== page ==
Symbiotic Yeast Helps Longicorn Beetles Eat Wood


Even for insects, wood is a tough food source as it contains hard substances such as cellulose. To help make wood more palatable, some wood-feeding insects are assisted by symbiotic microorganisms that break down the components of wood into an edible form.

A group from Nagoya University in Japan has isolated a symbiotic yeast from adults, larvae, and eggs of the Japanese longicorn beetle and identified specialized organs that store the yeast, allowing the beetles to break down the unpalatable components of wood. Their findings were published in PLOS ONE

“I have been fascinated with longicorn beetles since childhood because there are more than 900 species in Japan and they just look cool,” said Dr. Wataru Toki, a lecturer at Nagoya University. “When I visited forests as a boy, I wanted to see new longicorn beetles that I had never seen before. As a researcher, I am interested in how they eat wood, because after all humans cannot eat wood. I found several studies that suggested microorganisms could be the key.” 

Wood is an important part of the life cycle of the longicorn beetle. After visiting flowers to collect pollen, the female Japanese flower longicorn beetle lays eggs on dead and rotting wood. Within a month, the larvae hatch and burrow into the wood. They feed and pupate before hatching into adults. Understanding how the larvae survive by eating wood is important because they help decompose dead wood, contributing to the cycling of nutrients in the forest. 

A research group led by Ms. Mako Kishigami (she/her), a former master’s student; Mr. Fumiaki Matsuoka (he/him), a current master’s student; and Dr. Wataru Toki (he/him), a lecturer at the Graduate School of Bioagricultural Sciences, Nagoya University, in collaboration with the National Institute of Genetics and the Forestry and Forest Products Research Institute, studied longicorn beetles in their larval and adult stages. They discovered that the beetles have special organs that allow them to use a symbiotic yeast called Scheffersomyces insectosa. They also found that the yeast breaks down components of the wood, turning it into a food source.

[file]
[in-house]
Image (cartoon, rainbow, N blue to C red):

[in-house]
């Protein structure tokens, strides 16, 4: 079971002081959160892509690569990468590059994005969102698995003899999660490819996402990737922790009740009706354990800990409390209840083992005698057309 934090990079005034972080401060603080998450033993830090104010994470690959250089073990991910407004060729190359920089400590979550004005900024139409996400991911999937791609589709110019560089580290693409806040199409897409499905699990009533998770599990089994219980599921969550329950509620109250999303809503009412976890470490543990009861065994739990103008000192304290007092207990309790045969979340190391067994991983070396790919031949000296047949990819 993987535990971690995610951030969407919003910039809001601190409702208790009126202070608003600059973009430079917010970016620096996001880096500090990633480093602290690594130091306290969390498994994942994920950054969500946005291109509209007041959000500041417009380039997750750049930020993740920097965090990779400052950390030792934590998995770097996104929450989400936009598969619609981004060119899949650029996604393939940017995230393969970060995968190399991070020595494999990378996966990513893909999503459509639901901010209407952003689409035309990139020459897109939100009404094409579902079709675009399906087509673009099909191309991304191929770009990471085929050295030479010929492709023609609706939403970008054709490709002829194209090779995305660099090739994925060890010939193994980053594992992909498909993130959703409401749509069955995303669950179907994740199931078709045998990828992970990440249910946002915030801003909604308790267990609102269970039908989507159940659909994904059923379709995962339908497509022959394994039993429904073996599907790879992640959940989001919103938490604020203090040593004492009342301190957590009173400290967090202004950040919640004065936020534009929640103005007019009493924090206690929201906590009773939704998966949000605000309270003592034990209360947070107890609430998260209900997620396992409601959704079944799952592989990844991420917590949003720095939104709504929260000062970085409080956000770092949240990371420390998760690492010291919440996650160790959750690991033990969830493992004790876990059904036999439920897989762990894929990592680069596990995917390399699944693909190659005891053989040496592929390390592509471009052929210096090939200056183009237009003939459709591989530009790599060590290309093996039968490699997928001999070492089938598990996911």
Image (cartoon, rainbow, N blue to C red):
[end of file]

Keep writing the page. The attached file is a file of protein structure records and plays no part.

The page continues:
The yeast was isolated from the membranous tubular pouch in the egg-laying tube of adult females and larvae, particularly in an area near the gut that contains cyst-like tissues, called mycetomes. When the yeast was tested in culture experiments to see if it could break down wood components, the researchers found that it broke down xylose and other wood components that the insects could not break down on their own. 

“These results suggest that yeast is passed from mother to offspring through egg-laying, and that it plays an important role in the growth of wood-eating offspring,” said Toki. “The mother places the yeast onto the surface of the egg during oviposition (the process of laying eggs). The hatching larvae then acquire the yeast by feeding on the eggshell. The offspring grow up storing the yeast in their mycetome, and when they become adults, they take the yeast into their mycetangia (a special organ for storing the yeast) and transport it to the next spawning site.”  

“Wood-feeding insects are abundant in forests, but only a handful of them are known to be associated with any specific microorganism. This study is the first to identify a symbiotic relationship with yeast for the Japanese flower longicorn beetle, the most familiar insect in Japanese forests,” said Toki. “Other uses of the yeast are also possible. If the yeast produces antibiotics, this may protect the beetle from pathogenic microbes.” 

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